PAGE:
Resurrect Your Bow
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Easton Buckshot 4" Stabilizer in Black
BEE STINGER MICROHEX 10" Hunting Stabilizer in Black
Trophy Ridge Blitz Stabilizer, Includes Wrist Sling and Leather Mount
Apex Pro Tune XS Stabilizer in Camo
Viper SX6 Stabilizer
Trophy Ridge 6" Hitman Stabilizer, W/Wrist Strap and Mounting Bar! Color Kit Included!
WHAT IS A STABILIZER?
A stabilizer is a simple screw-in device that attaches to the bow's riser (handle) just below the grip. The function of the stabilizer is to provide counterbalance to the bow (so the bow doesn't tip forward or back when held at arm's length) and to absorb noise and vibration. The issue of counterbalance is a simple matter of weight and length. The longer and heavier a stabilizer is, the more counterbalance it provides. Across the entire market, stabilizers can range from just a couple inches to over three feet long - and they can be made of anything from plastic tubing to stainless steel. But for mainstream bowhunters, the typical stabilizer is 4-8" long and weighs 4-12oz. Bowhunters don't usually like extra-long weighted stabilizers (mostly because it makes them look like a "target shooter" and because long stabilizers have to be removed every time you put the bow in its case). So the 4-8" models endure in the bowhunting market.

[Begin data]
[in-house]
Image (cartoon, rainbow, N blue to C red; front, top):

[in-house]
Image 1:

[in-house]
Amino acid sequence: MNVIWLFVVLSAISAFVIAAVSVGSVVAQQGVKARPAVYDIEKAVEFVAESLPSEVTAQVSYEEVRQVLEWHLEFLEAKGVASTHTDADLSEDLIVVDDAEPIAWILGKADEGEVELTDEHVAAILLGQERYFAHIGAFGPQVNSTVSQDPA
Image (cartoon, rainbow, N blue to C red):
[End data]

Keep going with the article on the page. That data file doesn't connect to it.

Of course, every stabilizer model claims to have solved the riddle of bow noise and vibration. Sometimes they incorporate carbon rods, soft rubbers, acrylics, vented/fluted tubes, harmonic dampeners, particles of voodoo magic, etc. Frankly, we've been testing stabilizers for 16 years, and we're not entirely sure any of them can really quiet a noisy bow or eliminate hand-shock. Nevertheless, they do help ... some. Unfortunately for stabilizer manufacturers, the modern parallel limb compound bow architecture doesn't leave much work for the dubious dampening services of a stabilizer. Quality compound bows, at least today, simply don't have enough shock and vibration to get excited about. Still, you need a stabilizer, if for no other reason than you need something to keep your wrist sling mounted into place. If you're buying a new bow, get a stabilizer - but don't get too carried away about the anti-vibration voodoo. The counterbalance is what counts.